Far and away, I read a lot of incredible nonfiction in 2019. The stories and novels did not hold my attention as much this year, which I could blame on the baby, perhaps. Postpartum, I was so hungry for information (even non-baby-related information) that I was not able to focus much on stories. That said, these were the 10 best works of fiction I read this year.
1. History, Elsa Morante
I’m perpetually interested in the favorite authors of my favorite authors. Elena Ferrante repeatedly cites Elsa Morante as one of her chief influences, so one of my reading goals of 2019 was to find and read a Morante novel. Her work is not widely translated in English, and many of her novels that were translated are out of print. I asked our lovely local bookstore to order me a copy of History, Morante’s sprawling novel about a Jewish woman on the outskirts of Rome during and after World War II.
History traces the dark and darkly humorous life story of Ida Mancuso, a widowed teacher who discovers that she’s Jewish. After a young German soldier rapes and impregnates her, she gives birth to an unusual and remarkable little boy — whose survival becomes Ida’s passion.
It is absolutely unreal, as a novel, unlike any other historical fiction I’ve ever encountered. Morante writes with force and tireless energy, and her characters are everlasting types, simultaneously and paradoxically embodying both the universal and specific beauty of the human condition. Would rave about it all day long if you let me. (Get a copy)
2. Selected Stories, Nadine Gordimer
Marvelously composed, startling short stories. I took my sweet time with this collection; Gordimer’s incisive, insightful prose invites such a slow, pleasurable reading. Deep and far-ranging, this collection was the perfect introduction to her brilliant narrative mind. (Get a copy)
3. Across the Bridge, Mavis Gallant
In the bleak streets of Montréal, we find Mavis Gallant and her remarkable characters. Beautiful, strange, complex, matchless. (Get a copy)
4. The Emigrants, W.G. Sebald
Memory, he added in a postscript, often strikes me as a kind of dumbness. It makes one’s head heavy and giddy, as if one were not looking back down the receding perspectives of time but rather down on the earth from a great height, from one of those towers whose tops are lost to view in the clouds.
I read a good deal of this aloud to my newborn son while nursing; I dare say the strangely plain and strangely moving paragraphs soothed us both. (Get a copy)
5. Honored Guest, Joy Williams
Death, dogs, and dreams! What’s not to love? (Get a copy)
6. Escapes, Joy Williams
Admittedly, I’m not sure I can distinguish between this one and Honored Guest, but if I read Joy Williams in any given year, she will definitely be in my top 10. (Get a copy)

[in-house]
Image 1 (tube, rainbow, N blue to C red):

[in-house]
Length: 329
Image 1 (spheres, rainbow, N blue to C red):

7. Vertigo, W.G. Sebald
Lovely, and unlike anything else (except other Sebald). I liked it perhaps a bit less than his other novels, but it was still beautiful and thought-provoking. Made me want to go walk all day through an old European city. (Get a copy)
8. The House of the Spirits, Isabel Allende
Allende has such an expansive imagination, and that is what primarily makes this novel sing. I followed along happily (with a few small narrative reservations) as she spun this complicated family history in Chile. The characters are memorably complex and unusual, which is always a favorite combination of traits. I did not love the blips of first-person narration from Esteban Trueba, cutting into the majority third-person omniscient narrator. Even though the end makes that choice a bit more sensible, it was distracting to me. Only a small complaint. (Get a copy)
9. Two Lives and a Dream, Marguerite Yourcenar
Not my favorite Yourcenar (can anything compare to Memoirs of Hadrian?), but it is still an outstanding set of three little novels, because she is a genius. Her particular gift for inhabiting the psyches of historical figures is preserved here with a straightforward sense of joy and clarity. (Get a copy)
10. On Earth We’re Briefly Gorgeous, Ocean Vuong
I am writing because they told me to never start a sentence with because. But I wasn’t trying to make a sentence—I was trying to break free. Because freedom, I am told, is nothing but the distance between the hunter and its prey.
So many beautiful passages and lines, as to be expected! But it is a rather exhausting reading experience. I wanted a break from all the lushness and metaphor, just a bit of reprieve! I always want to tell poets who write longer fiction, “It’s OK: Every sentence does not have to be a poem. Sometimes it is good to have plain, hardworking sentences.” Even still, it is fun to dive in with this, especially if you can treat it like a very long prose poem, which I was admittedly unable to do. (Get a copy)
Up next: Best nonfiction I read in 2019.